representative of the normal case for traffic.

Ideally XX% is what we're trying to get, but it's different for each
model.   Since 0-XX% represents the stable side, i'd rather err on that
side, than the XX%-100%.

When doing the benchmark we're finding the various max values (without
failure), but that does not necessarily mean stable latency.   In order to
get ot that range we're going to back off from 100%.

Now what could that value be?  95%  75%  50%?   This was purposefully set
low so we would not encounter any other bottlenecks that would make the
latency unstable.

I've tested lots of different devices over the years, both my own and other
vendors, and the lower you make that number, the higher the number of
devices will stay in the 'stable' area of latency.

so 50% was chosen as the least likely to cause unstable latency, and still
representative of real customer usage (plenty of customers have no issue of
using a device that is at 50% capacity).   At 75% and much more so at 95%
customers are looking to change/upgrade their equipment so they are not
nearing the top of what the device is capable of.   So again it makes me
less interested in the latency there.

Hopefully that makes sense, and while it could be shorter in the
explanation, i'm not sure I could make it into a 2 sentence one.


On Wed, Jun 3, 2020 at 9:12 AM MORTON, ALFRED C (AL) <>

> Thanks for your question, Simon, and the history, Brian.
> I confess that this question (why 50%?) has occurred to me in other
> contexts, and it may help to add a sentence to two of rationale. So if the
> technical folks can help with suggestions, that would be great!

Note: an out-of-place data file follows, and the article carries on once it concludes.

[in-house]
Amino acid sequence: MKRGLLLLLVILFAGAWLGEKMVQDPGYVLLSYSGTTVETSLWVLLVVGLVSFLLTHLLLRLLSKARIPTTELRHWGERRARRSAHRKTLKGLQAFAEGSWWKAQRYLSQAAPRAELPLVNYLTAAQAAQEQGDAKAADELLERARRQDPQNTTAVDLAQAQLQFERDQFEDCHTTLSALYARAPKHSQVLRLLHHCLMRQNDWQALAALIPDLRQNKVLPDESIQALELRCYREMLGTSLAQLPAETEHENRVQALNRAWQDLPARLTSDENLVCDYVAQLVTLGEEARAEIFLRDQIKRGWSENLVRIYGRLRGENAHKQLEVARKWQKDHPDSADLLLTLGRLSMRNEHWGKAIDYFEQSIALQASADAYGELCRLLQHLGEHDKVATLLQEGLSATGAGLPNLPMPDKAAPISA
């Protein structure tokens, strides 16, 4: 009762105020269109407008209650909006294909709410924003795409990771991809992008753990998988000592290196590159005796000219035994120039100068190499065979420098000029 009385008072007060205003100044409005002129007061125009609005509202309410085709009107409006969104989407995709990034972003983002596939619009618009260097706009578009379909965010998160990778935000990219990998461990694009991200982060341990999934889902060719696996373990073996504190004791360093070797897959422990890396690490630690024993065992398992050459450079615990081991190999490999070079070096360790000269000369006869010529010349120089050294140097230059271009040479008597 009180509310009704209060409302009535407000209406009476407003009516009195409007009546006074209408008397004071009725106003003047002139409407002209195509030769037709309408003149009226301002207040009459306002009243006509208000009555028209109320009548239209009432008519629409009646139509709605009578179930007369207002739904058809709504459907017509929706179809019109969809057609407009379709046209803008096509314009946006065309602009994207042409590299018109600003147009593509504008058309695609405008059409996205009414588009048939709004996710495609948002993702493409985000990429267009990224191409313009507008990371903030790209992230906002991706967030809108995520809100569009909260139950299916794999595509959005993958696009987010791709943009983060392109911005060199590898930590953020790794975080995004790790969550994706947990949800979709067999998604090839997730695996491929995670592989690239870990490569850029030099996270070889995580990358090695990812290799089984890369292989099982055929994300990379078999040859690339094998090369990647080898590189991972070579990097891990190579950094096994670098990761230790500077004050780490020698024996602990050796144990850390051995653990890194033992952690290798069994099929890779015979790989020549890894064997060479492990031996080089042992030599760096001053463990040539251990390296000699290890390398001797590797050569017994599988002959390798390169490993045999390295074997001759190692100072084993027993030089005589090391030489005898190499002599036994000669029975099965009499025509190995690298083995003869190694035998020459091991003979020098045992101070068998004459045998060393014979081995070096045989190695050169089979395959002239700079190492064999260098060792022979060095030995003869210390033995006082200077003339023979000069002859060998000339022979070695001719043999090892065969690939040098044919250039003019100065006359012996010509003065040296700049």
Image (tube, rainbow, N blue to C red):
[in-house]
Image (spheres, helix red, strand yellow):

> regards,
> Al
> *From:* bmwg [] *On Behalf Of *
> *Sent:* Wednesday, June 3, 2020 10:56 AM
> *To:* 'Simon Edwards' <>
> *Cc:*
> *Subject:* Re: [bmwg] Query about 50% values in [Benchmarking Methodology
> for Network Security Device Performance draft 02]
> Simon,
> This requirement was agreed to and adopted by the working group within
> NetSecOPEN. It first appeared in the IETF individual draft on October 14,
> 2018. (
> <>).
> It was clarified and expanded on March 5, 2019 in
> <>.
> It’s form has largely been unchanged since then.
> I will leave it to the technical folks to expand on this more. However, I
> am saying all of this because it has been in the position to be reviewed
> and commented on by the BMWG community for awhile. Our assumption is that
> given no one appears to have an issue with it that we hit the mark.
> Brian
> *From:* bmwg <> *On Behalf Of *Simon Edwards
> *Sent:* June 3, 2020 5:10 AM
> *To:*
> *Subject:* [bmwg] Query about 50% values in [Benchmarking Methodology for
> Network Security Device Performance draft 02]
> Hi all,
> In a number of sections, but specifically '  Test Equipment
> Configuration Parameters', there are requirements to measure with 50% of
> the maximum connections/ sec measured in the HTTP/S throughput tests
> E.g. "Target objective for scenarios 1 and 2: 50% of the maximum
> connections per second measured in test scenario..."
> I'm sure this 50% value is the product of much thought and discussion,
> rather than an arbitrary choice. Is anyone able to explain the reason for
> the specific '50%' value (as opposed to 25%, 75% or whatever) or could you
> please point to documentation around that decision made by the group?
> I'm asking just to understand. I don't disagree with the decision : )
> Very best wishes,
> Simon
> _______________________________________________
> bmwg mailing list


Alex Samonte
Director Of Technical Architecture